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Facebook is "basically unbundling the big blue app," Mark Zuckerberg told The New York Times' Farhad Manjoo this morning. Rejoice, Facebook users, that means it will be way easier to ignore, unfollow, and defriend your annoying connections.

The "Great Unbundling," as GigaOm puts it, signals that the future of Facebook is less in its main app than in smaller, more specifically-focused apps. Rather than a one-stop shop for networking, you might use Messenger just for chatting and Instagram for sharing images. With the addition of WhatsApp and other breakaway features, you might be a regular Facebook customer without ever visiting the main site again.

In the Times interview, Zuckerberg explains that unbundling breaks into three separate tiers. At the top is the main app of Facebook, a heavyweight business. Below that rests a number of apps just entering adolescence, including Instagram, WhatsApp, Messenger, and Search. "These are use cases that people use a lot, and they will probably be the next things that will become businesses at Facebook," Zuckerberg told the Times. "But you want to fast-forward three years before that will actually be a meaningful thing."

And then at the least developed end are "nascent" apps like Home and Paper, which have a ways to go before reaching wider use. "Maybe in three to five years those will be in the stage where Instagram and Messenger are now," Zuckerberg notes. But it's unfair to compare across tiers as of now. "It would be a mistake to compare any of them in different life cycles to other ones. They’re in different levels."

The Verge's Ellis Hamburger argues that the segmenting has almost become necessary, in part because of Facebook's monumentally fast growth. After all these years online, Facebook "friends" are essentially a who's who of everyone you've ever met, from college buddies to co-workers to first dates, many of whom have fallen by the wayside friendship-wise. "My Friends list went from a roster of my current friends to a collection of everyone I’ve met in the last 10 years — a social group too massive to feel urgent, and too broad to share with on a daily basis," Hamburger writes. As a result, the News Feed — the collection of updates coming from every one of those people — has become an unwieldy mess.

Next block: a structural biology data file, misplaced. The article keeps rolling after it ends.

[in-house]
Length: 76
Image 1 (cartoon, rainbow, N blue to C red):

Note: The above click would be a terrible decision.

To combat that, Facebook made its Unfollow button much more prominent last December, which moves that friend's post out of the feed without unfriending. Since that time, Unfollows have tripled, Facebook told The Verge.

On the unbundled apps, too, there is a growing sense that a smaller social network is better. On Instagram, follows only go one-way, and Messenger and WhatsApp only include people you are actively in conversation with. That means you can actively choose who to follow, and you can see interesting photos from people whose relationships don't interest you. Facebook's new resolution: the fewer the merrier.

Zuckerberg's comments give some deeper context to the changes made to the News Feed that Facebook announced last week. Gone are meme photos, spammy links, and like-baiting, replaced by the prominence of larger photos and better news sources (like The Wire!). Because users have so many friends, Facebook has spent its resources developing algorithms that show you only the most meaningful bits of content. The hope is that, by unbundling some of the distractions and putting that power of what you see in the hands of users, Facebook can refine that strategy even more, and focus on building businesses, instead of editing content.

This article is from the archive of our partner The Wire.

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